Gold medals went to Gamma A for its jellied sprats, Līcis 93 for its sprats in oil with polymer lid and glass-jarred sprats, and Ventspils ZKK for its fried sprats in mustard sauce. Sabiedrība IMS took the silver medal for its canned fried sprats in tomato sauce.
According to Imants Cīrulis, head of the sprat-makers NGO Rīgas šprotes, Latvia’s popular traditional canned fish products are not having any problems with demand in the Russian market, despite the current food imports embargo on EU products, the unfavorable geopolitical situation regarding Ukraine, and the fall in the value of the ruble.
“The market hasn’t shut down – on the contrary we’re getting more interest. Sprats and canned fish are goods that are easy to transport and store, which is why wholesalers are so interested. There is almost no sprat production in Russia, they’re mostly sold out in stores, thus this niche remains very promising,” said Cīrulis.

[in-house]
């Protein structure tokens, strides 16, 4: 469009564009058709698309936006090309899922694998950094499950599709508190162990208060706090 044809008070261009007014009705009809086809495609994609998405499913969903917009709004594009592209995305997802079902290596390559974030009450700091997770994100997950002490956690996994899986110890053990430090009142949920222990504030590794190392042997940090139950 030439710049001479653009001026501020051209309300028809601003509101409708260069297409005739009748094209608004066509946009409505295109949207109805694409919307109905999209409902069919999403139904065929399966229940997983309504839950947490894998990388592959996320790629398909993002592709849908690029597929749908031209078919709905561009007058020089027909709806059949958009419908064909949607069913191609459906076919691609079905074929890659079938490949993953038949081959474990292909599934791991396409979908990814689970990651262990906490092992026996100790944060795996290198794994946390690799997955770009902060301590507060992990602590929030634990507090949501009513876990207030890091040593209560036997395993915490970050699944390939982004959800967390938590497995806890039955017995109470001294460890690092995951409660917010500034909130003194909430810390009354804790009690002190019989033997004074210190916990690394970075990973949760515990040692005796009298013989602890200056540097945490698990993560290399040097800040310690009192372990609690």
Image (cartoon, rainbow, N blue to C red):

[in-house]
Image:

Cīrulis noted that this year’s expo seemed less well-attended than previous events. He pointed to Denmark’s stand with its half-empty fruit and vegetable boxes, suggesting it was “apparently in a kind of protest against Russia’s embargo.”
All of the companies belonging to the association Rīgas šprotes – the firms Unda, Rānda, Līcis 93, Sabiedrība IMS, Brīvais vilnis, Gamma A, Karavele and Ventspils ZKK – took part in the expo this year.
In addition, Latvia took part with another stand organized by the Latvian Investment and Development Agency featuring six participating companies – birch-juice sparkling wine maker Sula, egg-producer Balticovo, meat processors Rital D and Almava, fish cannery Banga LTD and bakery Bakerstreet.